What Janet Yellen Doesn’t Know About Stocks

Alexander Green
by Alexander Green, Chief Investment Strategist, The Oxford Club

On Wednesday, Federal Reserve Chair Janet Yellen rattled the market when she said “equity market valuations at this point generally are quite high” and that raises “potential dangers.”

Stocks promptly sold off on her comments. For about 90 minutes.

They began to recover as traders and investors asked themselves, “What the heck does Janet Yellen know about stock valuations that the rest of us don’t?”

Not much.

She would be well advised to take her cue from Alan Greenspan, a predecessor who learned the hard way.

On December 5, 1996, then-Fed Chair Greenspan asked, “How do we know when irrational exuberance has unduly escalated asset values, which then become subject to unexpected and prolonged contractions as they have in Japan the past decade?”

The market was closed at the time but the message was received. The Dow gapped down 2% at the opening of the next day. But then rallied... for 3 1/2 years.

Don’t get me wrong. Greenspan asked precisely the right question. How do we know when asset prices are irrationally exuberant?

History provides a clear answer: when both valuations and optimism are extreme. Whether we’re talking about gold in early 1980, Japanese equities in 1989, Internet stocks in 2000 or U.S. home prices in 2006, prices weren’t just beyond rational justification. Sentiment was euphoric, too.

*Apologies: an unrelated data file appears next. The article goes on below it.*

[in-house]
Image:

Let’s start with valuations today. Since 1929 - a period that includes the ultra-low prices of the Great Depression - U.S. stocks have sold for an average of 15.5 times trailing 12-month earnings. Today the S&P 500 sells for 18 times earnings.

Higher than average, yes. But extreme? No. Especially with interest rates near zero, making it easy for businesses to borrow, consumers to spend and investors to scoff at the yields on bonds and cash.

Sentiment is underwhelming as well. Investment great John Templeton famously said that bull markets are born on pessimism, grow on skepticism, peak on optimism and die on euphoria.

Is your feeling today that most people are wildly optimistic about the future of the U.S. economy and stock market?

Most people I talk to are somewhere between unenthusiastic and glum. That, by Templeton’s lights, places us in the “skeptical” range. (Recall that we had the abject pessimism a few years ago when people thought the world was coming to an end. That - as Templeton would have pointed out - was a superb buying opportunity.)

Bubbles don’t appear without euphoric sentiment and a powerful sense of certainty. Recall 1980’s “Hyperinflation is here to stay.” 1989’s “Japan Inc. is going to take over the world.” 2000’s “The Internet changes everything.” Or 2006’s “Real estate always goes up.”

Could stocks fall from here? Of course they could. Bear markets sometimes start when valuations are higher than average. But they have also started when they are lower than average.

Sometimes bear markets begin when the Fed raises interest rates. Sometimes six months later. And sometimes before.

As chair of the Federal Reserve, Janet Yellen is privy to a tsunami of economic data and a lot of smart people who interpret it.

But are they smart enough to know what they don’t know? Apparently not or Janet Yellen wouldn’t be flapping her gums about stock prices.

The Federal Reserve has persistently misestimated the strength of the economic recovery, the rate of joblessness and the level of inflation. It didn’t - and couldn’t - predict the plunge in oil prices, the rally in the dollar or all-time record corporate profits.

Yet Janet Yellen believes she can tutor the rest of us about stock valuations.

I don’t think so.

Good investing,


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